Landlord Help and Advice

We’re known for being a no-nonsense management company that represents landlords in Ireland and abroad, big and small, and we put your best interests first. We have years of experience in managing property across Dublin City and County and elsewhere, so whether you want lettings only, full landlord management services, or one of our virtual landlord options, we’re happy to help. We specialise in property management and the letting of residential and commercial buildings, from modern complexes to beautiful period houses.

General Links

The forum on WWW.IRISHLANDLORD.COM is an excellent source of information. We recommend signing up and trying it out.

The Irish property owners association WWW.IPOA.IE

Irish citizens information WWW.CITIZENSINFORMATION.IE

Also try this free guide WWW.LAWYER.IE

Tenants get free advice from Threshold, no questions asked WWW.THRESHOLD.IE

Search for past cases on the PRTB site WWW.PRTB.IE

View the full residential tenancies legislation WWW.IRISHSTATUTEBOOK.IE

Residential Landlords Association of Ireland WWW.RLAI.IE


Residential Landlords Association of Ireland RLAI.IE


Irish Property and Valuers WWW.IPAV.IE

Society of Chartered Surveyors of Ireland WWW.SCSI.IE


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Our Documents



Our Documents



Residential Faqs

1. Local Property Tax

There always has been a section in Irish residential leases for Tenants to pay the rates for the local services they use. I just hasn’t been used in a long time! The LPT is refunded by the tenant to the landlord annually – 2.r, p.4

2. Electricity

On signing this Lease you are now responsible for your Premises electricity charges. Please register within the next 4 days with an electricity supplier.  It is important that you bring the meter reading for your apartment when registering with an electricity supplier. Note that should the account not be registered within four [4] days the supply may be disconnected from your flat by the current supplier. In this case a reconnection fee will be applied by ESB Networks – 2.m, p.3

3. We don’t change light bulbs or fuses

If your heater stops working (first check it is switched on at the wall) try replacing the fuse in the wall before calling maintenance – 2.i, p.3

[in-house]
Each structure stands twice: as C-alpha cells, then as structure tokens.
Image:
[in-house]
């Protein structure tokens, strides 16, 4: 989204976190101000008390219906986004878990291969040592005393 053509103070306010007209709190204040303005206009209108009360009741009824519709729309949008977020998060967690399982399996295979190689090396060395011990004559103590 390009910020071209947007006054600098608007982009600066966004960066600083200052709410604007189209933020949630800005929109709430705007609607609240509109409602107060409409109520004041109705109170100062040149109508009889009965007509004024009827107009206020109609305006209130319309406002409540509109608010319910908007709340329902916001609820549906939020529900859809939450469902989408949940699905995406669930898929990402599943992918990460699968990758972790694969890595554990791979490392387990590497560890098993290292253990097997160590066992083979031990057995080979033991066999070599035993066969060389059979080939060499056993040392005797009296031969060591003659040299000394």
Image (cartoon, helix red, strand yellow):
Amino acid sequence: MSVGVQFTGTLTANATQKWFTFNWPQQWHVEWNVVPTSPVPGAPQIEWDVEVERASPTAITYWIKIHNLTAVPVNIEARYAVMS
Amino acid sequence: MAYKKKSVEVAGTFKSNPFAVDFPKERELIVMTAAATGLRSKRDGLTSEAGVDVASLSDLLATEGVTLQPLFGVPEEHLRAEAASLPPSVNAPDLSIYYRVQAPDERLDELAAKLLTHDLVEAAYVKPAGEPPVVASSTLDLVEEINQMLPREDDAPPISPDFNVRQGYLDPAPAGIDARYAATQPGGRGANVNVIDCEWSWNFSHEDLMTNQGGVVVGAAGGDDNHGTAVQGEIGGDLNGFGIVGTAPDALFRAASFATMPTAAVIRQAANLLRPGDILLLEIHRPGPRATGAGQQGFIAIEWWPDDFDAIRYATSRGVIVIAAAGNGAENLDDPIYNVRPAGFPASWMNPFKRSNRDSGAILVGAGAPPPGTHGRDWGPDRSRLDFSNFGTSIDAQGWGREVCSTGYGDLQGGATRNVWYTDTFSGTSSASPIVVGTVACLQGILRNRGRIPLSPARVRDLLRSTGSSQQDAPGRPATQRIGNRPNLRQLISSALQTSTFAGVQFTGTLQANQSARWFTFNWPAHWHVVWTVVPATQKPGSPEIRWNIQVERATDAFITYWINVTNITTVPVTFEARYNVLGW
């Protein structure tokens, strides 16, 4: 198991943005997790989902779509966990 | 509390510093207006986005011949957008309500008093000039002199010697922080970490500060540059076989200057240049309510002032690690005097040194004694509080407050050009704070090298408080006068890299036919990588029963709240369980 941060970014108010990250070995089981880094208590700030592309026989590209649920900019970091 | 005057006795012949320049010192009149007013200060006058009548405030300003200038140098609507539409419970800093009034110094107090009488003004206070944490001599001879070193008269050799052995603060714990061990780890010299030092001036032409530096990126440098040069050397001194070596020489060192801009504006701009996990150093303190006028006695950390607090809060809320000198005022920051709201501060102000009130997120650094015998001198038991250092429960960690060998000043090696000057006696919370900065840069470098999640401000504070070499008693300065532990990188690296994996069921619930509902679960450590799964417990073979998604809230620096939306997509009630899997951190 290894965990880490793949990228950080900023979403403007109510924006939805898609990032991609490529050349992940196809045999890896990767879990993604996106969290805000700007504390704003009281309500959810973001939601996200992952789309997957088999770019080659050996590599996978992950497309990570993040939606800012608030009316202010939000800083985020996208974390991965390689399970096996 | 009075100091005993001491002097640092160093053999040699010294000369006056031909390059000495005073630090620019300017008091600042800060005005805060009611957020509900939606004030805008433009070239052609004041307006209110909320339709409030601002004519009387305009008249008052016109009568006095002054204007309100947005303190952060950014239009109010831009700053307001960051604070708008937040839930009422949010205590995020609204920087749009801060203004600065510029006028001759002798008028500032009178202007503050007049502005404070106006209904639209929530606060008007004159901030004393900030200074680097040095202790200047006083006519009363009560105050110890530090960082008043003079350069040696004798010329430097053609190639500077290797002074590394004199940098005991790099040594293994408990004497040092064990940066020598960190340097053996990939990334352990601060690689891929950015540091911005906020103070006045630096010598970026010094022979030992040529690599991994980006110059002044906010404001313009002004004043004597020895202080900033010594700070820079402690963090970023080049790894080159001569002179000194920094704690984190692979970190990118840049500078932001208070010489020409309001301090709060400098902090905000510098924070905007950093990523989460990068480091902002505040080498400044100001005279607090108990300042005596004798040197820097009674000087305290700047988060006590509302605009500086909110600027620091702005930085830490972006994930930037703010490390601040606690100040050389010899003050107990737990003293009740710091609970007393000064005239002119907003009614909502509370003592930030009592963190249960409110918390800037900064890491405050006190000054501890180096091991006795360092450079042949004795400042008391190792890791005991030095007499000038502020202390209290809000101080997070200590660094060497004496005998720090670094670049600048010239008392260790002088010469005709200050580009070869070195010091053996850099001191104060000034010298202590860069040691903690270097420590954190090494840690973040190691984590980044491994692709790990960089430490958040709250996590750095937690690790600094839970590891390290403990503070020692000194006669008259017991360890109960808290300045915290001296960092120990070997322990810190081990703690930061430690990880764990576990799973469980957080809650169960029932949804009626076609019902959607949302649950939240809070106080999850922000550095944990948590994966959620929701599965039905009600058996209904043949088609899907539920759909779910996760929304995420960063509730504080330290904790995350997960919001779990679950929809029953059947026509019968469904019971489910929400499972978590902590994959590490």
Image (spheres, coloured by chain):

4. Heaters

The most common reason for heaters to stop working is clothes being left drying on top causing them to overheat and short-out. To figure out how your storage heaters are supposed to work visit WWW.EN.WIKIPEDIA.ORG/WIKI/STORAGE_HEATER and see Basic Controls – 2.i, p.3

5. Rent increases / reductions

 In the same way the Landlord cannot increase the rent during the term of a lease, he also cannot reduce the rent before the term. We can’t even approach the Landlord before the renewal date – 2.a, p.3

6. Deposit

We’re happy to return your deposit within a reasonable time of move-out from the Premises, after an inspection and the return of all keys as specified in the Second Schedule – 2.t, p.4

7. Welfare

We are currently not set up to take welfare allowance.

8. Bins

All bins are communal for use, but each apartment is responsible for the putting out of one bin. Your bin is numbered with your apartment number and the schedule is up in the hall. Green and brown bins are for recycling – 2.w, p.4

9. Extra furniture / appliances

The Landlord only supplies from a set range of furniture including beds, tables, chairs, wardrobes and couches. The Landlord never supplies any appliances like kettles, toasters, cutlery etc. – Third Schedule

10. Late fees

All rents are due by standing order. If rents are manually received after the 1st day of each calendar month a late fee is automatically applied by our accounting system to the Tenants account as described in section 5.b of this Lease.

11. Low mains water pressure

In the past across Dublin City low mains water pressure has caused low water pressure. Unfortunately these things happen and are no fault of the Landlord. The Landlord will always have a plumber available to confirm to Tenants whether this is the case or not.

12. Maintenance

We’re happy to do any maintenance you need, but if the damage is reported by the qualified trade’s man as being caused by the Tenant the bill is sent to the Tenant directly by the maintenance company –, p.4

13. Maintenance 2

Let us know as soon as maintenance is needed. Raising problems while in arrears is too late – 2.y, p.4

14. Condensation

When it is cold outside condensation can form on indoor surfaces. If this is not cleaned or the apartment not ventilated it can build up and cause mould. It is the responsibility of the Tenant to keep vents clear and prevent the build up of condensation. It is a common problem for mould to build up in bathrooms,kitchens and windows if the room is not ventilated properly either by a mechanical vent or by a window – 2.i, p.3

15. Bikes

Please don’t bring bikes indoors, they just leave marks on the walls and carpets and these are not treated as normal wear and tear.- 2.s, p.4

16. Noise

 Your neighbours must respect you by keeping noise / music levels low especially after 10pm, and you must do the same for them 2.l, p.3

17. Security

Be vigilant, keep back and front doors closed and report any suspicious activity to the police. Never allow unknown people into the building.

18. Washing machines

Don’t overload or put metal / heavy items in the washing machines. These break the machines and they take a while to repair and even longer to replace. Report any Tenants that do this – 2.k, p.3

19. Drains

No food down the sinks and no unsuitable items down the toilets – 2.i, p.3

20. Snags